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Pork Belly Prices Are On The Decline | KTIC Radio

Pork Belly Prices Are On The Decline

Pork Belly Prices Are On The Decline
Arnold Gatilao / Flickr / CC BY 2.0

Sharply lower pork belly stocks continue to prompt headlines in the mainstream media.

An analysis from the Livestock Marketing Information Center (LMIC) shows frozen belly inventories were at the lowest Jan. 31 level in nearly 40 years. The lower levels have prompted some concern over bacon availability.

“Frozen belly stocks are very seasonal and tend to begin the year rather large then dwindle into the summer months,” LMIC said in its March 1 analysis.

This could suggest a counter-seasonal pattern in 2017, since the rest of the market is holding somewhat similar to USDA projections coming out of the December Hogs and Pigs Report.

“Inventories of hogs destined for slaughter weighing over 180 lbs. were pegged to be up 2 percent from a year earlier, giving a perspective on what to expect for pork production during the first 90 days of 2017,” LMIC said.

Wholesale belly prices started 2017 valued at $1.16 per hundredweight, up 12 cents from a year ago. Since the USDA released low end-of-year totals in late January, belly prices climbed over 50 cents in a week, and have continued to run high, and stocks decreased sharply in January.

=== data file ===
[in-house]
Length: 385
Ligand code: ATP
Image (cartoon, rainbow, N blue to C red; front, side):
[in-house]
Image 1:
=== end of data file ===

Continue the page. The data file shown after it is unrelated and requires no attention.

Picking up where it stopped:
Lean hog prices have showed steady growth over the first two months of the year, after starting 2017 priced around $52/cwt.

“Late January hog carcass prices appreciated $10 from the start of the year, and were up another $10 over the course of February,” LMIC said in the report.

January pork production was up 3 percent from a year ago. Slaughter was up 4 percent from a year ago, while carcass weights were down about a pound.

Beef and pork exports continue to strengthen. Beef tonnage exported was up 12.6 percent in 2016, while pork exports grew by 4.5 percent.

According to USDA’s Foreign Agricultural Service, U.S. beef was exported to 123 different countries, with pork sold to 110 countries. The largest increase in beef exports was to South Korea, although Japan remains the largest importer of U.S. beef, followed by South Korea and Mexico.

Mexico remained the largest customer for U.S. pork, followed by Japan, Canada and China.

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